Volvo Super Olympian

The Volvo Super Olympian was a low-floor double-decker bus manufactured by Volvo. It replaced the 3-axle version of Volvo Olympian. The chassis had the designated manufacturer code B10TL.

Volvo B10TL Super Olympian
Kowloon Motor Bus Alexander ALX500-bodied Volvo Super Olympian in July 2008
AssemblyIrvine, Scotland
Wrocław, Poland
Body and chassis
Doors2 doors
Floor typeLow entry/Low floor
EngineVolvo D10A285
Power output285 hp
TransmissionVoith DIWA/ZF Ecomat
Length10.6 and 12.0 metres
Width2.50 and 2.55 metres
Height4.40 metres
PredecessorTri-axle Volvo Olympian
SuccessorVolvo B9TL


The Volvo Super Olympian was unveiled in 1998, with one chassis being sent to Hong Kong for a motor show held by International Union of Public Transport in the same year. The chassis was later returned to the United Kingdom.

Chassis design

The Super Olympian chassis was based on the Volvo Olympian. The front radiator was moved behind the front axle on the 12 metre version, or in front of the second axle for the 10.6 metre version (due to its shorter wheelbase). In order to lower the chassis further, the assisted steering function of the middle axle was cancelled. The suspension system has also been largely modified so that it is electronically controlled instead of moving passively. One special feature is that after turning, the suspension unit does not return to normal, remaining tilted to either the left or right, until the bus becomes stationary.

An option for 11.3 metre length of Super Olympian was also available, but no orders were received. The Super Olympian was powered by the Volvo D10A285 (Euro II or Euro III), with a maximum power of 285 hp (213 kW). Its somewhat insufficient engine power has earned some mildly derisive nicknames in Hong Kong. The most common are "豬" (pig), "扒" (meat cutlet) and "豬扒" (pork chop, derived from the pronunciation of the word "Super").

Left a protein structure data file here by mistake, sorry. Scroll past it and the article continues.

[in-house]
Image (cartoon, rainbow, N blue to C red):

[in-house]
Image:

Initially, the Super Olympian chassis were built in Volvo's factory in Irvine, Scotland. After the closure of the factory in mid-2000, production was moved to Wrocław, Poland.

Hong Kong

Kowloon Motor Bus

12m version

Kowloon Motor Bus ordered the first batch of 61 (3ASV1-61) Alexander ALX500 bodied B10TL Super Olympians with ZF 4HP590 transmission, and roller shuttle route displays in 1998. These entered service in 1998/99. All except the prototype 3ASV3 had narrow 2+2 seats on the upper deck. The first buses were retired in November 2017.

A further 80 Super Olympians (3ASV62-141) entered service in 2000/01. These buses have electronic route displays and ZF 5HP590 transmission. 3ASV78 was the 3,000th Alexander bodied bus supplied to KMB, and 3ASV141 was the first KMB bus to meet Euro III emission standards.